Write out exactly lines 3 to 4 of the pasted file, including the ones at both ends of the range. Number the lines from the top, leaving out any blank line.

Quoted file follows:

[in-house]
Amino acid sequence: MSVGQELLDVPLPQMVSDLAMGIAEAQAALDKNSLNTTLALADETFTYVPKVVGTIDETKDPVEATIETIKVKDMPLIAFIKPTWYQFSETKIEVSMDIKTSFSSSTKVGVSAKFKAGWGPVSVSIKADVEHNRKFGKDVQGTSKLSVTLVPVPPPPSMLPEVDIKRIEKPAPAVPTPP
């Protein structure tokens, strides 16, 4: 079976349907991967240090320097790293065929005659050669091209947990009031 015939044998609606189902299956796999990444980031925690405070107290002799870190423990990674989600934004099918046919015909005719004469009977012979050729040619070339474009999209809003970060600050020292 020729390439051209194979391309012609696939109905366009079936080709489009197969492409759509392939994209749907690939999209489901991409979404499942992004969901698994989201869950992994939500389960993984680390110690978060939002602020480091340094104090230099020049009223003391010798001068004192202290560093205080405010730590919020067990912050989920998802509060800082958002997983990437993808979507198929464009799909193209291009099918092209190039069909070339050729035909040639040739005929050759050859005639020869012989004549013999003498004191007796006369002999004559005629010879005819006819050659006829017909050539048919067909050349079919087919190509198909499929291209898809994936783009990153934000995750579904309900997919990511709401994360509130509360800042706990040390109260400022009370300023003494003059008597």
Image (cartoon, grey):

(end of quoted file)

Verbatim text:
């Protein structure tokens, strides 16, 4: 079976349907991967240090320097790293065929005659050669091209947990009031 015939044998609606189902299956796999990444980031925690405070107290002799870190423990990674989600934004099918046919015909005719004469009977012979050729040619070339474009999209809003970060600050020292 020729390439051209194979391309012609696939109905366009079936080709489009197969492409759509392939994209749907690939999209489901991409979404499942992004969901698994989201869950992994939500389960993984680390110690978060939002602020480091340094104090230099020049009223003391010798001068004192202290560093205080405010730590919020067990912050989920998802509060800082958002997983990437993808979507198929464009799909193209291009099918092209190039069909070339050729035909040639040739005929050759050859005639020869012989004549013999003498004191007796006369002999004559005629010879005819006819050659006829017909050539048919067909050349079919087919190509198909499929291209898809994936783009990153934000995750579904309900997919990511709401994360509130509360800042706990040390109260400022009370300023003494003059008597």
Image (cartoon, grey):